Protecting Our Girls

By all appearances I have a nice body. I am not flat chested. Rather, I have a beautiful, bone thin body whose slender physique I work endlessly to maintain. So hard, sometimes I skip meals. Sometimes I even rely on strong coffee and bottle after bottle of water to keep me going in lieu of food for fear I will “get fat,” or someone will see me dining in public and report that I “ate like a pig,” (Donald Trump in reference to Rosie O’Donnell, 1993). Thank God for Victoria’s Secret, because, truth be told, with all the working out and meal skipping, I am actually quite flat chested under my Dream Angel Padded Push-Up Bra. After all, breasts are, in fact, fatty tissue.

My obsession with my body image started long ago when I was just a girl. So long ago that I don’t remember a time before my mind constantly waged war with my reflection in the mirror. While the media has surely helped fuel the fires of my insecurities, they are mine and mine alone, and I accept responsibility for them. I work daily to combat the negative thoughts that dominate my mind and at times feel as though they run my days. Some days are better than others, but I won’t stop until there are far fewer bad days.

I am deeply concerned for our great nation’s future. Surely I’m not the only little girl who grew into a woman with body image issues. Sitting in any Starbucks one is liable to hear the two twenty-somethings at the next table ripping themselves apart over their non-fat Venti lattes. So what does this all mean? Great question.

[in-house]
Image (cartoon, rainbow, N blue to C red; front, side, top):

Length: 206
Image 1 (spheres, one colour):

This year’s Republican Nomination for Commander in Chief of The Great United States of America is a misogynist. According to <> a misogynist is a person who hates, dislikes, mistrusts, or mistreats women. This fact can be proven nearly each time Mr. Trump opens his mouth.

An April 16, 2015 quote from Mr. Trump proves this claim. Mr. Trump tweeted, “@mplefty67:If Hillary Clinton can’t satisfy her husband, what makes her think she can satisfy America? @realDonaldTrump #2016president.” Here, Mr Trump is equating President Clinton’s decades old indiscretion to Hillary success (or lack thereof) as a wife and worse, a woman. What kind of message is he sending to our young women? If your partner cheats on you, it must be your fault; you must not be good enough, smart enough, or in Mr. Trump’s case, attractive enough. As we know he’s made it crystal clear the value he places on a woman’s physical beauty when he said, while speaking to a female reporter, “we could say politically correct that look doesn’t matter, but the look obviously matters,” “Like you wouldn’t have your job if you weren’t beautiful.” (Last Week Tonight).

My gravest concerns lie in the eyes and ears of our youngest girls, when they hear Mr. Trump call Rosie O’Donnell “a slob” and say she has “a fat ugly face.” (The View, 2006). If Mr. Trump is to win the election, our children will look up to him. What will our girls’ think of themselves and worse, how will our boys’ learn to treat women?

Before casting your vote this November, I urge you to thinking long and hard about these questions. Look into the eyes of all of the little boys and girls you see and consider if you can live with Donald Trump being the most powerful man in their world?

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